Volunteers on the Go....Again
Welcome to another in our series Volunteers on the Go. In this episode you'll see our awesome volunteers tree planting along Shelly Creek, showing off our skills at Beach Day, and handing out yellow fish at the Rivers Edge Neighbourhood Information Session.
They Must Be Crazy
You wouldn't be wrong in asking why we were planting Western Red Cedars along Shelly Creek in late June when cedars have been dying from the droughts and heat domes we've been experiencing these past years. The answer is we have a secret weapon in a new volunteer and board member, Austin Peterson. Austin is an arborist.
Although the section of Shelly Creek between Wildgreen Way in Parksville and Hwy 19 is undeveloped, it has been impacted by erosional flows caused by development upstream, as well as mountain bike ramps and trails built on the creek banks (left-hand photo). One of our goals is not to kick the bikers out of the area, but to work with them to minimize their impact to the creek. The other goal is to provide natural stabilization to the creek banks with more trees in the riparian zone.
The BC Ministry of Land, Water and Resource Stewardship (formerly Forests, Lands, Resource Operations and Rural Development) in Port Alberni gave us 500 Western Red Cedar seedlings that were left over from their planting program. Austin, along with volunteer Pete Law, walked through the creek section, carefully selecting and flagging spots along the banks where soil was still moist and expected to remain so for most of the year. This section of creek is in a shaded ravine so more conducive to retaining soil moisture.
On June 29, ten volunteers planted the 500 seedlings. Charna Macfie is seen in the left-hand photo, and in the far left photo are Sue Wilson (left), Pete Law (centre), and Barbara Wildman-Spencer (right). The other volunteers included Austin Peterson, Barb Riordan, Dick Dobler, Jo McIlveen, Rick Walz, and Shelley Goertzen.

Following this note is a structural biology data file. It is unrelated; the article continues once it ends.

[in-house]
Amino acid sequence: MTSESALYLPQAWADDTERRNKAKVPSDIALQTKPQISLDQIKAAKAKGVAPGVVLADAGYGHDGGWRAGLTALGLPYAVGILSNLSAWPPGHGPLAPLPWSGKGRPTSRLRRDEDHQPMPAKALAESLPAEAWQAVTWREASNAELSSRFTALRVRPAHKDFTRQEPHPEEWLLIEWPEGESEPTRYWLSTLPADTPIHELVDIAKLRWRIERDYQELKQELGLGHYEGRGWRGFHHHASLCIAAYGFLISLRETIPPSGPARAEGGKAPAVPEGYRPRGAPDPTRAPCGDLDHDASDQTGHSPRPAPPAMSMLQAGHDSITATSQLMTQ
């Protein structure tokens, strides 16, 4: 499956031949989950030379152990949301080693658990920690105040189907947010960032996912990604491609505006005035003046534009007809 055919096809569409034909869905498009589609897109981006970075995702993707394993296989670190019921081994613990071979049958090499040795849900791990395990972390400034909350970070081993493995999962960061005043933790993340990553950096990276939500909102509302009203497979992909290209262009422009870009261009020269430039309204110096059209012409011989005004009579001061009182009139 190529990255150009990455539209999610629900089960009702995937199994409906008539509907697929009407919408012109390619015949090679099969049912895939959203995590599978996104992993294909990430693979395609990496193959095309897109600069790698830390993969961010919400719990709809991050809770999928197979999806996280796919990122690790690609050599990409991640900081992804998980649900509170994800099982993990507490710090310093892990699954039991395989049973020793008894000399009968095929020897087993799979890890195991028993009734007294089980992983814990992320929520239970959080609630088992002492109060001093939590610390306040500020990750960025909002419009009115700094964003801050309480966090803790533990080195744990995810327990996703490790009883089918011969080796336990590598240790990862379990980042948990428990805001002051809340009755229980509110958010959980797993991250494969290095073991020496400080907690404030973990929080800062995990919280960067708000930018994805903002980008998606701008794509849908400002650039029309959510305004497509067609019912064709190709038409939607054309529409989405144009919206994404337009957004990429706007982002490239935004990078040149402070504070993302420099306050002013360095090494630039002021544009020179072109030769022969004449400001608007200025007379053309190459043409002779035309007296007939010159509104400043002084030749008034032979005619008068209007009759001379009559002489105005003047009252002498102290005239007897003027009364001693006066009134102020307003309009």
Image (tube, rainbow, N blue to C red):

It will be interesting to see what our monitoring of the seedlings reveals about our planting strategy.
Photos by Austin Peterson.
Beach Day a Roaring Success
July 17 was the first Beach Day (Qualicum Beach) in two years and what a great time we had! Not only were there skydivers landing on the beach with impressive precision, and a seine netting session by our favourite biologist, Dave Clough, scores of stewardship groups were there with interactive displays demonstrating the wonders of nature. The organizers of Beach Day estimate 3,000 people went through the displays.
MVIHES had three interactive displays (left-hand photo). Ross Peterson was showing off his CSI skills by dissecting Dogfish Sharks and explaining their anatomy. He was swarmed by on-lookers for four hours making it impossible to get photos of him in action.
In the right-hand photo, Bruce Murray (you may remember him as our Lord of the Flies), was running the Pond Critters display and helping people catch and identify the aquatic bugs from the sample of pond water supplied by Peter Drummond.
Austin Peterson and Barb Riordan (left-hand photo) were explaining the importance of Forage Fish and how their spawning grounds are found and monitored, along with a microsope for viewing a sample of tiny Pacific Sandlance eggs.
The vortex (right-hand photo) which separates the tiny sand grains containing Sandlance eggs from sand samples really drew in the crowds.
All in all it was a very successful day. Hopefully Ross' fame doesn't go to his head. Photos by Austin Peterson again (which why he isn't in any).
Rivers Edge Neighbourhood Info Session
The Rivers Edge neighbourhood, located south of Parksville and on the south side of the Englishman River, gets its drinkingwater from a series of groundwater wells operated by the Englishman River Community Water Service (ERCWS) under the Regional District of Nanaimo (RDN). This is a separate entity from the Englishman River Water Service (ERWS) operated by the City of Parksville which supplies water pumped from the river to the city.
On July 21, the RDN held an information session for the neighbourhood for addressing issues with their water supply. Staff from the ERCWS were in attendance as were staff from the Emergency Preparedness department and Team WaterSmart. MVIHES was asked to attend with our yellow fish signs that promote Salmon Friendly Lawns though water conservation (left-hand photo). Residents who pledge to leave more water in the creeks and rivers for the salmon by not watering their lawns, and not use chemical pesticides and herbicides, get a groovy yellow fish sign to put on their lawn that states "brown is the new green". Of course, "brown is the new green" refers to creating a trend where brown lawns are way cooler than green lawns.
Barb Riordan (right) and residents Don McConnell (background) and Melissa Tomlinson (foreground) of Team WaterSmart
We signed up 12 households with yellow fish signs which we think is way cool. Many thanks to the RDN for inviting us!